An Ethical Debate

The Spartanburg High School Ethics Bowl Team brings home the gold


Photo courtesy J. Beeson

The SHS Ethics Bowl Team receives their trophy with their coaches.

Caroline Colbath, Entertainment Editor

After a season of studying and preparing their arguments, the Ethics Bowl team won the South Carolina State Championship on Jan. 21, at Wofford College.

Ethics Bowl is a club in which its members discuss ethical problems and defend an argument or claim, winning points in a match by providing both their solutions to a problem and their response to other solutions and questions.  This makes them much more than just a debate team.

The cases discussed promote important ethical questions and introduce useful life skills, including being able to debate a topic in a civilized manner and defend an argument. The program, developed by the Parr Center for Ethics, helps foster collaboration and logical thinking when involving difficult questions and issues.

The Ethics Bowl team at Spartanburg High School has existed for five years, and English teachers Susan Plonski and Erin Hubbell have been the coaches since the club’s founding.

Plonski loves being a part of the team and enjoys coaching the students.

“My favorite part is the state championship. The members of Ethics Bowl have spent months studying 15 tough cases, so when we spend a long day competing against schools across the state, it is rewarding to see all of their hard work pay off,” Plonski said. “This year was especially exciting because we were in person again after competing virtually for two years.”

The Ethics Bowl members study diligently in order to become well versed in all cases, as they don’t know which one they will have to debate. The discussions allow high schoolers to take part in civil discussions about various ethical topics, which they will experience much more in the future.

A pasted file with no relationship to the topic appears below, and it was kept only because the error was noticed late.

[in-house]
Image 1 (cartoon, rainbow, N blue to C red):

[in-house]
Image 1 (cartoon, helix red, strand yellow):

Avery Gilley (10) has been a part of Ethics Bowl for a year, and enjoys the debate and challenge that the program provides to him and his peers.

“I think it is important for high school students to participate in Ethics Bowl because it teaches them to think critically and introduces them to many interesting viewpoints on many complicated issues,” Gilley said.

As the cases discussed may not have definite answers, the team members must defend their argument while also having an open mind.

Madison Cooksey (12) has been part of the Ethics Bowl for her junior and senior year and has enjoyed discussing cases that deal not only with ethical questions about humans, but ethical environmental practices as well.

“My favorite issue that we discussed in the Ethics Bowl this year was called ‘Not in My Back Yard.’ Our team advocated for the common good of protecting the entire earth over the beauty of a specific section of the earth,” Cooksey said. “The Ethics Bowl is a unique experience in which you get to spend an entire day discussing ethical and moral issues. Participation in the Ethics Bowl allows students to become more open-minded and help keep them engaged in the uncertain world around them.”